When Montgomery County, Maryland, is sued and decides to enter into a legal settlement, that information should be made public. That’s the idea behind the bill approved by the Montgomery County Council on Tuesday.
Bill 19-21 would require the County Attorney to submit a report each year that summarizes details of each settlement entered into by the county.
The report would then be published on the county’s website, and would have to identify the claimants in the suit, detail the dollar amount of the settlement, identify county departments of offices involved in the claim, and outline the nature of the claim.
The bill was sponsored by Council member Will Jawando, who explained on Tuesday that the legislation was prompted by several lawsuits against the county, including one filed by the mother of a 5-year-old boy, who was handcuffed and berated by Montgomery County police in January 2020.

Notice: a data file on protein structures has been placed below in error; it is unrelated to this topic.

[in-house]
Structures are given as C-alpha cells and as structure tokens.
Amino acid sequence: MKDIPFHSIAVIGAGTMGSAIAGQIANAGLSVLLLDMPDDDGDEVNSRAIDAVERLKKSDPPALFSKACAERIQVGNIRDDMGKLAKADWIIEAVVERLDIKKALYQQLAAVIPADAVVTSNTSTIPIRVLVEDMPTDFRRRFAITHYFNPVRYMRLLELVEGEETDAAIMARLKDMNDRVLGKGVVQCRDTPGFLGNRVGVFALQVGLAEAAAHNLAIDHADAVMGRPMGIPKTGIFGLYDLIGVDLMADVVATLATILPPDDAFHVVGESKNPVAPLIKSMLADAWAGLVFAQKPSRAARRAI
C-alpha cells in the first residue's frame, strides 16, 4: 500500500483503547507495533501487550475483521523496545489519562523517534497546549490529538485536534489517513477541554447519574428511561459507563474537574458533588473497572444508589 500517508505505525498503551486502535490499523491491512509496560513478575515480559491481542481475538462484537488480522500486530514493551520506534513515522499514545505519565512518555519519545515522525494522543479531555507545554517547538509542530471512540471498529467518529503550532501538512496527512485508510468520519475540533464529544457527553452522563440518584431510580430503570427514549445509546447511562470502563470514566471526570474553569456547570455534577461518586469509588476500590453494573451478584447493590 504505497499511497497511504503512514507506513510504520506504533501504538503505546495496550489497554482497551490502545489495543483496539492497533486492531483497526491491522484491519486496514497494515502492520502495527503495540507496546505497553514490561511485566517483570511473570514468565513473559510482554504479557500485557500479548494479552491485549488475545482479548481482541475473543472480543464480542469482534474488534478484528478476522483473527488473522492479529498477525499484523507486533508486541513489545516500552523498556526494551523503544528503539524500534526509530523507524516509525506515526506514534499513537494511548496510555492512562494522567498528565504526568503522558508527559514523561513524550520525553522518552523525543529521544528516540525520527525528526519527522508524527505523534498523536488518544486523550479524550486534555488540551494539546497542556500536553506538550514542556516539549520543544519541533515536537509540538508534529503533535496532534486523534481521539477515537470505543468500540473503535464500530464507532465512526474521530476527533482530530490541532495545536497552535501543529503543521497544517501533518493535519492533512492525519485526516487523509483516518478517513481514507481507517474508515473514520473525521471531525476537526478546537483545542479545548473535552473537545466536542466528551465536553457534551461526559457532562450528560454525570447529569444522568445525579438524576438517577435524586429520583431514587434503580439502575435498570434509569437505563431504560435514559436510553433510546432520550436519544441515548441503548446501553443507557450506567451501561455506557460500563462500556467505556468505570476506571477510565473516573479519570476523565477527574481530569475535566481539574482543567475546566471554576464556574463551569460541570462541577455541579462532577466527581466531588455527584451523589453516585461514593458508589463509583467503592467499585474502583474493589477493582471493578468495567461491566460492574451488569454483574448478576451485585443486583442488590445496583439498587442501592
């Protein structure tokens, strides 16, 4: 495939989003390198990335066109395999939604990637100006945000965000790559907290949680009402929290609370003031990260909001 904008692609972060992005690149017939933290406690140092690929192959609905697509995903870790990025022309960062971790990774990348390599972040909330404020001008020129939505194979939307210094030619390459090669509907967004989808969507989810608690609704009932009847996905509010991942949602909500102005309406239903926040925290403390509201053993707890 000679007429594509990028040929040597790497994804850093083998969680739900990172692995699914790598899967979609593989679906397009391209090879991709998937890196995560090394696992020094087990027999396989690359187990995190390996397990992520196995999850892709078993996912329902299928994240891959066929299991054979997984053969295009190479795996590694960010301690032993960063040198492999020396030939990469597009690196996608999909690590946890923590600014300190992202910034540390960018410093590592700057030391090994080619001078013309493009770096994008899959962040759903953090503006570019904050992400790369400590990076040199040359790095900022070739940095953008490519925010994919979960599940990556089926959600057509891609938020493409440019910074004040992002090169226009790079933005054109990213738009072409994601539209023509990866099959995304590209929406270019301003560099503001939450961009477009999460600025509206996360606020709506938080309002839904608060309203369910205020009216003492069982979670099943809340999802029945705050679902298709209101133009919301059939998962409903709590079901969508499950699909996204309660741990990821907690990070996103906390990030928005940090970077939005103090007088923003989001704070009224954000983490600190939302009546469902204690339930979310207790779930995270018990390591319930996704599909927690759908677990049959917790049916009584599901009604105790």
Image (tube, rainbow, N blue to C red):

Members of the county council said last March that they did not learn details of the incident until a year after it happened.
When Jawando submitted the bill to the council for consideration he wrote, “It is imperative that elected officials have a clear understanding of the amount of money that is being paid from County resources to settle complaints against Montgomery County employees, including police officers, as a matter of basic transparency.”
“We also prohibited nondisclosure agreements, a very important part of this law” said Jawando, who said the public should know “what happened, why it happened” in each case.
Council member Nancy Navarro said the action on the legislation was timely given the news that a former Maryland official had been indicted on charges of wire fraud and improper use of state funds.
Roy McGrath, who served as the head of the Maryland Environmental Service and worked briefly as Maryland Gov. Larry Hogan’s chief of staff, is facing more than 30 state and federal criminal charges for wire fraud, misconduct in office and improper use of state funds, Maryland Matters reported.
“It’s very important that we are here taking up these kinds of bills that promote transparency and accountability,” Navarro said.